What exactly are the challenges of galleries in Nigeria?
"As a gallery owner, I can tell you that those of us in the business are in it for the passion we have for art and not about making money. There is no way you talk about business without money, but the passion for art comes first." However, there are other important people in the business of managing a gallery who shares no passion, yet have to get paid. "The workers that a gallery owner employs don't share your passion, they have to be paid. The landlord of the building you rent for the gallery is not interested in your art passion."

And when he argued that government needs to support the art galleries, one wondered why public funds should be expended in private business. He explained: for the art galleries to meet up with the responsibility of promoting Nigerian art, government’s support is needed to face the challenges. We can't be talking of the international art market when we have not developed the home market fully. For example, I was at the Art Dubai Fair last year where I interacted with local galleries. I wanted a partnership with some galleries on how to take Nigerian artists to UAE. I was told that in UAE, the government's policy, which focuses on promoting the local artists to international level, would not allow my proposal."

Specifically, he cited the concentration of art galleries at a spot as an example of government's input. " I am sure you know that in Dubai, there is a place where the art galleries are located, maybe as part of government policy. And it works well with the economic of scale."

Perhaps Nigerian art galleries’ non-representation of artists is widening the gap of confidence between the two. "Yes, there is a mutual suspicion; lack of trust between artist and gallery. Most of the artists, particularly the young ones are impatient; not ready to wait for galleries to sell as the pace demands. During the moribund AGAN era we came together and tried to work out how to represent artists. But it did not work as the galleries were not ready to invest in young artists"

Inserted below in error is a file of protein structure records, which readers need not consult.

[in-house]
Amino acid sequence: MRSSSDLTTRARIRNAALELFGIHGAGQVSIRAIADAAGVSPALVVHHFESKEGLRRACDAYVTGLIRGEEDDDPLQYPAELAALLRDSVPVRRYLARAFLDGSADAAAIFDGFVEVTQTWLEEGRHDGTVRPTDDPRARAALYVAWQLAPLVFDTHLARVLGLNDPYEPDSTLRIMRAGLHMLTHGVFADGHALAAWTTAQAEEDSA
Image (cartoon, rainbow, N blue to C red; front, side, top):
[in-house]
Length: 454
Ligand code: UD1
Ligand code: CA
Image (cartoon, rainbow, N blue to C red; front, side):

As crucial as the art galleries are to the development of art, home and abroad, there seems to be unresolved internal crisis in the professional body, AGAN. "There was no transparency in AGAN. Few members benefit from resources coming from National Gallery of Art (NGA). For example, there is a budget, only a few people know the budget and execute it. I think government should midwife the professional body of art galleries."

NGA nurturing of a professional body is even the problem of AGAN, so observers noted. Omolayo disagreed. "I am talking of regulation by government. Some of the galleries don't have functional space and only exist on papers. We can't run a true professional body that way, there should be a standard."

Currently, what looks like a parallel body, to be known as Alliance of Nigerian Art Galleries (ALONG), is being formed, and Omolayo is a member. The formation of ALONG started over a year ago, but the official announcement appears to be taking longer than expected. "We are working, but taking our time. We don't want to make the mistakes of AGAN. During the AGAN era, we were using secretariat given to us by an individual. We did not have say. But an office given by government brings neutrality of control.”

It has been observed that between art school and practice, there seems to be a disconnect, which leads to an exodus of young artists taking up non-art related jobs to survive economic challenges. Having seen both sides and interacted with young artists, Omolayo appears like a perfect resource person to shed light on the subject.

He noted that most of the students got admission into art school on a platter of gold, hence the less value placed in applying what they studied. “If you get anything easily, you may not attach value to it.”